Strength training for running
The importance of abdominal training for runners and triathletes has been demonstrated often in the pages of IMPACT Magazine. Now it’s time introduce anti-rotation core training. Runners and triathletes need to have strong stable cores to ensure maximum running economy/efficiency. This ability to resist unwanted or unnecessary motion in the trunk and hip regions will result in improved performance and will reduce the risk to injury. Achieving optimal lumbo-pelvic alignment, improving balance, and increasing power production are other benefits to anti-rotation abdominal training.

This phase of training continues the “bracing” technique discussed, for example, in “The Abdominal Landscape” in the Running Issue [March/April 2009]; however, different cues will be used to achieve lumbar stability. Bracing the abdominal wall involves contracting all the trunk muscles to create 360 degrees of stiffness around the lumbar spine. Imagine bracing your stomach to receive a punch: the abdominal wall does not move in or out, rather the muscles just stiffen. Also imagine you are creating a single unit with your ribs locked to your pelvis.

There should be no independent movement of either when your abdominals are braced correctly. You should still be able to breathe, and only a slight contraction is needed to stabilize the spine. Achieve neutral thoracic and lumbar spine positions before bracing, and maintain this optimal alignment throughout your anti-rotation training.

While performing running-specific core exercises, think control rather than quantity. The ability to minimize compensatory movement with optimal posture is far more important than counting crunches! Feel that you have conquered all the other abdominal exercises you’ve seen so far? If so, give this progression a try:

Abs of Steel Exercise Progression

 

Front and Side Bridging (Beginner)

 

• Begin with isometric holds used to stabilize the lumbar spine against gravity.
• Perform a front elbow plank, positioned on your elbows and toes while maintaining a braced neutral spine. Squeeze your glutes and push your shoulder blades away from each other. Perform three sets, thirty seconds each.
• Now perform a side plank, lifting yourself on one elbow. Your feet should be on top of each other. Hold a straight body position from your ear to your ankle. Brace with a neutral spine, squeeze your glutes, and maintain square shoulders. Perform three sets of six performed at eight seconds each with a half-second break between each eight-second count.

Plank with Foot Lift (Intermediate)

 

• By lifting one foot off the floor, the anti-rotation function of the core is challenged.
• Resist the rotational torque applied to the lumbar spine, and prevent the hips from dropping after you lift your leg. Squeeze the glutes to lift the leg and ensure not to increase your lumbar curve. Perform three sets of six, five seconds per leg.

Plank with Hovering Hands (Intermediate)

 

• The anti-rotation function of the core is challenged by lifting and moving a hand.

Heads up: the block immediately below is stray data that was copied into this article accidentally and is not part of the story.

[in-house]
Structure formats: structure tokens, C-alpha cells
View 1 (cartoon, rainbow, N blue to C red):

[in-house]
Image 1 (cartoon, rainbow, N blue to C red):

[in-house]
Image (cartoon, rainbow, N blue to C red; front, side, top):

• Perform a plank on your hands and toes. Your hands should be directly under your shoulders with your feet hip-width apart. Squeeze your glutes and brace with a neutral spine. Lift one hand, move it toward and hover it over the opposite hand. With the same controlled movement, move the hand back to its starting position.
• Repeat with the opposite hand.
• Perform slow, controlled hand movements, alternating sides for thirty seconds. Perform three sets.
• Ensure not to move your hips or to make any compensatory body movements. Your plank should look like you still have four points of contact with the ground when, actually, you only have three.

Renegade Row (Advanced)

 

• Perform a plank with your hands on a bench and feet on the floor. Brace with a neutral spine and hold a dumbbell in one hand. Perform a rowing movement while maintaining a perfect plank as described (above). Perform three sets of twelve slowly controlled rows per side.

Rotating Planks (Very advanced)

 

• This exercise takes the front plank and side bridge to the next level. The bracing concept and single unit (ribs locked with the pelvis) couldn’t be more important in this exercise!
• Set up in the front elbow plank as described above. With extreme concentration and abdominal control, rotate your body as one unit into a side bridge. You will lift one elbow and go from your toes to the sides of your feet. You will finish in a side bridge (as described above) with your top foot in front of the bottom foot.
• Rotate back slowly into the front plank. Now, try rotating to the opposite side bridge.
• Rotate back and forth for thirty seconds. Perform three sets.
• Ensure not to lift the hips first before moving your shoulders. This is very common when the pelvis isn’t locked with the ribs.

This article first appeared in the July/Aug 2009 issue of Impact Magazine.

Thanks for reading and RUN STRONG,

-JK

photo credit: HckySo via photopin cc

I’m 36 Years Old and started with JKC in 2013. In the past I’d often have motivated spurts of a gym routine but they would usually only last a month or so. It’s pretty easy to press the snooze button at 530 am when there’s no one waiting for you. The fact that the guys are always on time/prepared and motivated for your session adds a level of accountability to your shoulders to “get out of bed” and bring your best effort each time. From the pressure free trainers to the camaraderie that you create over time with the individuals you’re working out with, JKC is able to offer an experience many other gyms cannot.

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